“It’s an honor to be recognized for the work we are doing at Mind Springs Health. We believe that mental health treatment “works,” said Jules Rosen, MD, chief medical officer. “For that reason, we know how critically important it is for patients experiencing mental health challenges to access and engage in care rapidly and to achieve stability as soon as possible. We are proud to be changing our care model to better serve this important and underserved population.”
Boston Children’s Hospital Perioperative Complex Spine Surgery Team
Frustrated by the preparation process for spinal fusion surgery in children with neuromuscular scoliosis, the Perioperative Complex Spine Surgery Team at Boston Children’s hospital set out to make a difference. They decided to reengineer the process for high-risk surgeries involving these children with complex medical needs. Their goal was to make the process more patient-centered and improve communication and coordination among families and care teams.
The team — particularly, two medical professionals who are parents of children who underwent spinal fusion surgeries — devoted countless hours generating and implementing ideas to improve care. Together, they engineered and optimized seven core processes including proactive communication from the surgeons to the child’s other providers about the need for spinal fusion, patient chart review and phone calls between a complex care/general pediatrician and an APN and an outpatient comprehensive health assessment with risk identification, shared decision making and planning.
Results have been impressive. As pre-op patient engagement and care integration increased, substantial decreases were observed with length of stay, hospital costs, and surgical site infections. Families have been highly satisfied, and the new design is being hardwired into standard practices.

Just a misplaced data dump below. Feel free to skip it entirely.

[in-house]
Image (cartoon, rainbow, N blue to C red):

“We are thrilled to accept the Sherman Award,” said Jay Berry, MD, MPH, general pediatrician, Complex Care Service, Division of General Pediatrics. “Our patient and family partners — Lucia Bastianelli, Blyth Lord, and Erin Ward — are the inspiration for the work. Their engagement and alignment with our surgery and anesthesiology providers are responsible for the success of our re-designed, perioperative care.”
Nominations were evaluated on their success in advancing patient engagement and driving results, sustainability, potential for replication, effectiveness in communicating and collaborating with stakeholders and inspirational value.
“These projects show how partnering with patients and families and taking a person-centered approach to care can generate improved outcomes as well as more efficient and effective care,” said Tejal K. Gandhi, MD, MPH, CPPS, Chief Clinical and Safety Officer, IHI. “IHI is pleased to join in recognizing these outstanding initiatives.”
The independent judging panel also named three Honorable Mentions: Memorial Regional Hospital’s Adaptive Sports and Recreation Program, the HeartBrothers Foundation and Henry Ford Hospital’s MICU Early Rehab Program.
During the coming months, EngagingPatients.org will feature the winners and finalists as guest bloggers. Full details of the winner and finalist initiatives are at www.engagingpatients.org.